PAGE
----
Recognizing the Link Between Diabetes and Gum Disease

Your oral health is a major indicator of your body’s overall well-being. If you are a diabetes patient, it is particularly important to schedule regular dental services in Riverdale. During your dental care appointment, your dentist can examine your gums to determine whether your diabetes is leading to the onset of gum disease. To highlight the importance of visiting your dentist twice a year, here is an overview of the link between diabetes and gum disease. gum - disease

Blood Sugar Levels Can Cause Gum Problems

One of the major links between diabetes and gum disease lies in a patient’s ability to control his or her blood sugar levels. When blood sugar levels spike and drop throughout the day, this condition can cause the gums to start to decay more rapidly. If you are able to control your blood sugar through proper medication and treatment, you may eventually find that your gum disease symptoms are also alleviated. Neglecting to treat blood sugar issues can lead to periodontal disease complications, such as tooth loss.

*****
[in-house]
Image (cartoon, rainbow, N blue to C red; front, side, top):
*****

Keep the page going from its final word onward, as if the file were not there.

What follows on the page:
Diabetes Can Lead to Changes in the Blood Vessels

In order for your gums to remain healthy and strong, they need to receive a steady supply of blood to their tissues. As a patient’s diabetic symptoms progress, their blood vessels may eventually become thicker, which will ultimately slow down the supply of blood that is flowing to the gums. When a diabetic patient is showing signs of advanced gum disease, this can be an indication that his or her blood vessels are starting to thicken dangerously.

High Glucose Levels May Result in Mouth Bacteria

The bacteria in a person’s mouth can cause significant damage to gum tissue. When a person is diabetic, he or she may also have increased levels of glucose, which will create the perfect conditions for dangerous oral bacteria to grow and thrive. High glucose and increased oral bacteria is one of the reasons that diabetic patients often suffer from gum disease symptoms and other oral health problems.